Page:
Santorini has sort of made its name as the romantic hub of the country. Honeymooners now flock here for sunsets that are all but guaranteed to tug at the heart strings, not to mention some seriously gorgeous hotels built into the caves around towns like Fira and Oia, infinity pools creeping out to offer views of the cobalt Aegean below.
Tempted? You and millions of others. Yep, Santorini is a bit of a victim of its own success. Hordes of travelers come between May and August to get their fix. That’s why we’d say to plan to arrive in the early spring or around October if you must. Or consider going to an alternative island in the vicinity – both Folegandros and Anafi are great options.
Greek literature resounds through the ages like the work of very few countries. Homer set the tone when he recorded his epics way back in the 8th century BC. He gave the world the enthralling stories of The Iliad and the The Odyssey, telling the tumultuous, tragic, comic, and altogether human chronicles of the greatest war in history, the Trojan War.
After that, lyricists like Sappho broke boundaries with erotic verses about female love, while philosophers and dramatists crafted works that are still taught and pondered in universities and schools to this day. We’re talking the likes of Sophocles, of Plato, of Euripides, and Aristophanes; names that every Classics undergrad dreams of.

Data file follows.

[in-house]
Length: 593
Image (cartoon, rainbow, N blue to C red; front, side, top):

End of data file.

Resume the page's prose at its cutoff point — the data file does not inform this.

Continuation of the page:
Later on, Greece was to become a muse for more modern literature. The isle of Kefalonia provides the melancholic and majestic backdrop to the 1994 novel Captain Corelli’s Mandolin by Louis de Berniere, a darkly romantic tale of WWII resistance and strife. Then there’s our aforementioned Zorba the Greek (1946), a Nostromo-esque biographic of a pirate-like Cretan dancer and maverick. There are loads of pages to get through.
Why is Greece famous? Our conclusion
Why is Greece famous? Greece is famous for quite a lot of things! From the sparkling beaches of the Cyclades isles to the rich literary narrative of the ancient epic poets, the soaring cliffs of Santorini to the tasty food that’s served day in, day out in the tavernas, this nation has one of the most striking identities of the lot! It’s got arguably the very best sands in Europe (sorry, Algarve), soaring peaks where they say gods reside, and a local kitchen that you’ll be thinking about from the moment you bite into that first saganakai cheese!